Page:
Industrialisation has been a boon for us in so many ways. But we’re paying a heavy price for it, as well. All over the world, age-old traditional ways of doing things – by hand, from scratch – have been slowly forgotten.
Backstrap weaving is one of these dying crafts. This art has been practised for thousands of years, and it’s not just indigenous to Ecuador. You can also find backstrap weavers practising the craft passed down from their ancestors from Guatemala to Peru. I’ve even seen it in a rural community in Thailand!
I’ve seen how they weave on this and it takes ages! It takes them an entire day to make a single belt, but they say that the quality is better than those made using European-style weaving looms. The latter were introduced to Ecuador during the Spanish conquest and have remained in vogue since. For one, it’s a lot faster to make things on those looms than the traditional backstrap looms.
So the number of backstrap weavers in Ecuador has been dwindling over the years, and now just a handful remain. One of these is Miguel Andrango, who lives in the Agato community just outside Otavalo.
Miguel Andrango’s Workshop – Tahuantinsuyo Weaving Workshop
Miguel is quite a well-known backstrap weaver and has made many international trips to promote and teach this ancient art – you can see old newspaper cutouts from the local papers wherever he went.
However, he stopped travelling in recent years as his wife’s health was declining and he stayed home to take care of her. Sadly, she passed away last year. He’s now 84 and when we spoke to him, it was clear that he misses her very much.
Still, he continues working on his lifelong passion, with the help of his children and some other villagers. He also gives tours of his weaving workshop, which are completely free.
I’d first read about him from simpletravelourway, and reading the rave reviews on TripAdvisor only cemented my desire to visit.
Arranging the visit was easy. We simply emailed to arrange a time, and caught a cab from our hosteria directly to his workshop (the driver knew where it was).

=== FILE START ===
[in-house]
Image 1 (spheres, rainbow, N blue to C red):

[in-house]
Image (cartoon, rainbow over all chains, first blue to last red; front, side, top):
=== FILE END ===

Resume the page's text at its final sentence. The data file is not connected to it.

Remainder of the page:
The Process of Backstrap Weaving
The workshop tour is a fascinating look into how a woven garment is made, starting all the way from unspun wool. They do everything themselves, from cleaning the wool, spinning it, dyeing it, and finally weaving it.
Miguel started by showing us unspun wool – alpaca on the left, sheep on the right. Alpaca wool is noticeably softer than sheep wool, and is supposed to be warmer too.
Next, he showed us how they card the wool. This is done to clean and disentangle the wool and make it into a thin layer suitable for spinning.
I tried my hand at carding and it’s more difficult than it looks! Too much pressure and the wool sticks to the implement and clumps up, too little and it’s ineffective.
You end up with little rolls of wool like this:
Up next: spinning! First he draws out a long strand of wool and then uses the machine to spin it onto the spindle.
Spinning wool is traditionally a woman’s job, while weaving is a man’s, but in this particular workshop, at least, they’re quite egalitarian. Everyone can do everything.
Their dyes are made in the traditional way, from all-natural sources. The purple dye, for example, is made from an insect. To turn it red, just add some lemon. And did you know that walnuts can be used to create dyes too? It’s a yellow-brown kind of colour.
Below is part of a blanket, which takes about 2 months(!) to complete.
Outside, he showed us where the dyes are made. They generally involve boiling for a very long time.
Something to Take Back
In the little shop you can purchase the stuff they make right here. I was surprised by the sheer variety of what they had on sale – cushion covers, ponchos, jackets, socks, gloves, tapestries… the list goes on.
I ended up buying quite a bit more than I’d anticipated – a poncho and a jacket for $45 each, $6 gloves and a pin-cushion for $10. Luckily, they accept credit cards! It’s a bit pricier than Museo Otavalango, but they do have a much wider variety of stuff. And looking at the amount of work that goes into a single garment, I don’t think the price is unjustified.
It’s also easy to understand why this art is dying out, precisely because of the amount of work involved.
Hope for Backstrap Weaving
But there is still hope! We met Miguel’s daughter, Luz Maria, who is also a weaver. She proudly told us about her grandson, a 5th-generation weaver who was in Canada to give a weaving demonstration. It was very heartening to learn that there’s significant international interest in this ancient art.